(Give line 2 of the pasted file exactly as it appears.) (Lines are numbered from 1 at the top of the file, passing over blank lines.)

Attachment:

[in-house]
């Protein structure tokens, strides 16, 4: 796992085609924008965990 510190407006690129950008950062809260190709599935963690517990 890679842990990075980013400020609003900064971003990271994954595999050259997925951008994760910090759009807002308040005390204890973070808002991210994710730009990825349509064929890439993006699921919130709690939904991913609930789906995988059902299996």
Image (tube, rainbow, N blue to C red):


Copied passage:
């Protein structure tokens, strides 16, 4: 796992085609924008965990 510190407006690129950008950062809260190709599935963690517990 890679842990990075980013400020609003900064971003990271994954595999050259997925951008994760910090759009807002308040005390204890973070808002991210994710730009990825349509064929890439993006699921919130709690939904991913609930789906995988059902299996």